Why haven’t I read it yet?: I bought this when it was San Francisco’s One City, One Book pick back in the summer of ’09. I enjoy locally-set mystery fiction. And yet something’s held me back from cracking it.
11. Christa Faust, Money Shot
Time on TBR pile: About a year
Why haven’t I read it yet?: I always get hooked by the sleazy retro covers on those Hard Case Crime paperbacks, but once I get them home they seem a little too louche.
12. S.J. Rozan, Absent Friends
Time on TBR pile: Seven years
Why haven’t I read it yet?: Purchased because I’m a fan of Rozan’s Bill Smith/Lydia Chin mystery series. This one’s a stand-alone novel about the aftermath of 9/11. How often do you say to yourself, “I’d really like to read about the aftermath of 9/11″? Probably never. Maybe I’ll finally finish it by 9/11/11.
The TBR Pile Challenge rules state that “Two (2) alternates are allowed, just in case one or two of the books end up in the ‘can’t get through’ pile,” so I’m going to name two nonfiction titles: Jen Trynin’s Everything I’m Cracked Up To Be and Alexander Masters’ Stuart: A Life Backwards. Both have been on my shelf for at least four years each.
1. “Travesties,” Tom Stoppard (Marin Shakespeare, August): “Travesties” is a New York Times Saturday crossword of a play: difficult, but satisfying when you finally master it. I’ve seen “Travesties” a number of times, and I would guess that it’s the play’s mix of intellectual heft and comedy that keeps it interesting, the smarty-pants in-jokes that assume familiarity with James Joyce and Shakespeare and Oscar Wilde. (After seeing it for the first time, I was moved to check out “The Importance of Being Earnest,” which plays a major role in the proceedings.) At a bad production of “Travesties,” you’ll overhear people at intermission complaining that they just don’t get it. A good production of “Travesties” — and this one was very good indeed — makes it seem almost effortless.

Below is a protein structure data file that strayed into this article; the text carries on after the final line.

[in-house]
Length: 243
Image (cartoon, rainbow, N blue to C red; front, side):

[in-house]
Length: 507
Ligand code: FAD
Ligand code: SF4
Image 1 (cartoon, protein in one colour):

2. “The Norman Conquests,” Alan Ayckbourn (Shotgun Players, August): It was yet another ambitious year for Shotgun Players; every time they announce a new slate of plays, I worry that this will be the year they fly, Icarus-like, too close to the sun, but considering the fact that three of their productions made the Chronicle‘s Top Ten list, I’d venture to say that 2010 was their most successful year yet. But despite their often-brilliant heavyweight dramas, like “God’s Ear” and the two “Salt Plays,” I have to go with my heart, and nothing in 2010 put a smile on my face like “The Norman Conquests.” A three-play set of very 70s British sex farces, “Norman” gives you several different points of view of an eventful weekend at an English country house — “Table Manners” is set in the dining room, “Living Together” in the living room, and “Round and Round the Garden” in (natch) the garden. Richard Reinholdt’s Norman was gleefully impish, a born seducer with a twinkle in his eye.